You call this business friendly?
Every once in a great while an event will occur and crystallize an issue with clarity previously impossible to achieve. That event may well be the way the Country House Inn in Kent is being driven out of business by local politicians and bureaucrats. Ever wonder why business is reluctant to relocate to our town and help reduce our oppressive tax burden? Well, let me tell you of the odyssey of this historic building. Let me tell you how it now fins itself preparing to be sold as a retirement home for nuns or as a group home after more than 200 years on the same site.
The family that currently owns the Country House can trace roots back through the history of the inn . The story of the inn is as much their history as that of the building. In 1988, Ann and Tom Olson were given the inn by her aged aunt, Anna Secklman the last innkeeper, who had owned it and served her community for nearly fifty years. Ann was born in Cold Spring, raised in Peekskill and has worked at the inn during her teen-age years.
The Olson's were thrilled to have it and started to plan how they would rehabilitate and restore the place to its original condition. The building had deteriorated significantly in the latter years of Mrs. Secklman's tenure due to her age and to poor quality renovations made at the beginning of this century. They intended to invest the nest egg they had accumulated during Tom's career in the U.S. Army in order to create a current, code-compliant state-of-the-art bed and breakfast in our beautiful town. Good friends advised them to forswear their ambitions because Kent had a well-known reputation as a community unfriendly to business. Still, they forged ahead.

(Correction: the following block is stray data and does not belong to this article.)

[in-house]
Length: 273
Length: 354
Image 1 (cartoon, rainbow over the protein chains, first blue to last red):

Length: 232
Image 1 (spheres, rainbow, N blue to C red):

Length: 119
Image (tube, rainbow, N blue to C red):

Restoration work began in May 1997 and was stopped by the Town of Kent building inspector in July 1999, who determined that permits were necessary due to the value of the work being done. After a four month delay, work resumed and the prime construction period was lost for the year. To remove and replace the front porch with one 24 inches larger required approval from the Zoning Board of Appeals and more dela. A temporary shed was needed to house the 200 antiques that had to come out of the building during the renovation period. Yes, another permit from the planning board was needed, causing further delay Friends continued to caution them about the "horrors" of dealing with this group so they went without the shed and endured six burglaries during the renovation. Rehabilitation of the inn was completed in September 1998.
A series of delays ended with a final certificate of occupancy issued in December 1998 well after the peak season for business. No one had discussed issuing a temporary or interim of C of 0 to facilitate the business taking advantage of a prime tourist season.
In May 1999 they were reassessed by the Kent Tax Assessor and advised that they would see an increase in their taxes. The taxes had previously been $5,800 and they, like anyone else, anticipated a modest increase. However, the new assessment would result in a tax levy of $25,000 and they were told to count their blessings because people in the town offices felt the taxes should be twice as much! Sadly, the predictions of friends and neighbors about the Town of "Kant" have all come home to roost. An appeal of the assessment was denied.
The irony is that the town board has-been doing back flips in recent years to try and project themselves as business friendly. For example, in the case of a proposed outlet mail on Route 311 in Lake Carmel they decided to sell off a town asset at below market price to the developer and then to replace the asset at four times the cost. Also, they have offered tax abatements that will definitely run 10 years, and possibly more than 12. The developer will pay no taxes for the first five years and then taxes will be introduced over five years in 20% increments. The clock does not start ticking on the abatement until the project is "completed," but how is that term defined?